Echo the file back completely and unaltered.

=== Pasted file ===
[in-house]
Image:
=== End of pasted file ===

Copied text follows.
[in-house]
Image: